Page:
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Eero Saarinen’s Revolutionary Design of the Dulles Airport


In designing the Dulles International Airport, Eero Saarinen re-imagined a jet-age world, solving the problem of growing terminals by bringing the passenger to the plane with a “mobile lounge.”

Major funding for American Masters — Eero Saarinen: The Architect Who Saw the Future is provided by the A. Alfred Taubman Foundation. Additional funding is provided in part by American Institute of Architects, National Endowment for the Arts, The Durst Family, Vital Projects Fund, Eric and Katherine Larson Family Fund, MCR Development LLC, Gerald D. Hines, Elise Jaffe + Jeffrey Brown, KieranTimberlake, KPF Foundation, and Daryl and Steven Roth Foundation.

Major support for American Masters is provided by AARP. Additional funding is provided by Rosalind P. Walter, The Philip and Janice Levin Foundation, Judith and Burton Resnick, Ellen and James S. Marcus, Lillian Goldman Programming Endowment, The Blanche & Irving Laurie Foundation, Vital Projects Fund, Cheryl and Philip Milstein Family, The André and Elizabeth Kertész Foundation, Lenore Hecht Foundation, Michael & Helen Schaffer Foundation, and public television viewers.


Sometimes the problem and the times are right for an entirely new functional approach to a problem. No one asked us to grapple with the problem of the jet age terminal beyond the question of pure architecture, but i believe the architect has to assume that kind of responsibility.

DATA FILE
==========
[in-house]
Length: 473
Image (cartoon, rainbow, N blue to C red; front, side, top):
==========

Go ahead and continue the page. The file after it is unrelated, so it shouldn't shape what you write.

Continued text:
The essential element of Eero's approach to architecture was: What is the problem we're trying to solve? Many architects will brush that off and have a creative will to make a scribble and say 'do that.'

He wasn't that way at all.

In the case of Dulles his first thought wasn't, 'what is it going to look like,' or 'what is it going to be?' His first thought was, 'How do we solve the passengers walking for miles.'

The jets are getting bigger, passengers are going longer and longer distances to the plane so how do you solve that?

We became convinced that some new method of passenger handling had to be found.

The soundest system seemed to be one which brought the passenger to the plane rather than the plane to the passenger.

We arrived at the concept of the mobile lounge.

The acceptance of the mobile lounge concept allowed us to make the terminal a single compact building.

We started with abstract ideal shapes.

Gradually we arrived at the idea of the curved roof. It occurred to us that this could be a suspended roof. The Ingalls Rink give us courage to go to the hanging roof here. When he did the Yale hockey rink he had a spine and then he draped the cables and put wood on top of that. Here he's draping cables and he's putting concrete roof on the cables. You know, you scratch your head a little bit - so it sticks with you like, 'Oh yeah cool idea - but how does the roof stay up?'


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